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Recombinant immunotoxins for treating cancer

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Recombinant immunotoxins are antibody-toxin chimeric molecules that kill cancer cells via binding to a surface antigen, internalization and delivery of the toxin moiety to the cell cytosol. In the cytosol, toxins catalytically inhibit a critical cell function and cause cell death. The antibody portion of the chimera targets antigens that are expressed preferentially on the surface of cancer cells. Truncated versions of either diphtheria toxin (DT) or Pseudomonas exotoxin (PE) can be used to construct fusions with cDNAs encoding antibody fragments or cell-binding ligands. Recombinant immunotoxins are routinely produced in E. coli and purified using standard chromatographic methods. Before they can be evaluated for anticancer activity in humans, recombinant immunotoxins undergo extensive preclinical testing. Immunotoxins must demonstrate cell-killing activity in tissue culture, antitumor activity in an animal model and have favorable pharmacokinetic and toxicity profiles. Candidate molecules with favorable characteristics are then evaluated in clinical trials. Here we report on the initial evaluation of BL22, a recombinant immunotoxin targeted to CD22 expressed on the surface of B-cell malignancies.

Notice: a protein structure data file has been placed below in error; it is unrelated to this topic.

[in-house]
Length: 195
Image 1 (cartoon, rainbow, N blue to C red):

Document Type: Research Article


Affiliations: 1: Laboratory of Molecular Biology, CCR, National Cancer Institute, Bethesda, MD, USA 2: Medical Branch, CCR, National Cancer Institute, Bethesda, MD, USA

Publication date: April 1, 2004


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